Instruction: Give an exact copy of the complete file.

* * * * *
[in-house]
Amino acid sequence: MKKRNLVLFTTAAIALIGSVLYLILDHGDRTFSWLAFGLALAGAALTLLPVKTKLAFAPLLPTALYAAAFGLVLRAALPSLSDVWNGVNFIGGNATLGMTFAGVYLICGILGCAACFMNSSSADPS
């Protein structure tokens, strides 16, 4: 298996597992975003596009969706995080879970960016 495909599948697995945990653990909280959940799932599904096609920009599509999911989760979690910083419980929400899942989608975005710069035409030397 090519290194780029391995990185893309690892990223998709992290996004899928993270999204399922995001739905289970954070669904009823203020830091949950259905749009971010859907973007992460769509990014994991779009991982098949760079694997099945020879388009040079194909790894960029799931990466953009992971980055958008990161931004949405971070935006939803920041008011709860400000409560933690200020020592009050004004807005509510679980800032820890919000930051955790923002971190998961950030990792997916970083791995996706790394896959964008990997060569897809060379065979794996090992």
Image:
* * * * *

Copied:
[in-house]
Amino acid sequence: MKKRNLVLFTTAAIALIGSVLYLILDHGDRTFSWLAFGLALAGAALTLLPVKTKLAFAPLLPTALYAAAFGLVLRAALPSLSDVWNGVNFIGGNATLGMTFAGVYLICGILGCAACFMNSSSADPS
């Protein structure tokens, strides 16, 4: 298996597992975003596009969706995080879970960016 495909599948697995945990653990909280959940799932599904096609920009599509999911989760979690910083419980929400899942989608975005710069035409030397 090519290194780029391995990185893309690892990223998709992290996004899928993270999204399922995001739905289970954070669904009823203020830091949950259905749009971010859907973007992460769509990014994991779009991982098949760079694997099945020879388009040079194909790894960029799931990466953009992971980055958008990161931004949405971070935006939803920041008011709860400000409560933690200020020592009050004004807005509510679980800032820890919000930051955790923002971190998961950030990792997916970083791995996706790394896959964008990997060569897809060379065979794996090992």
Image: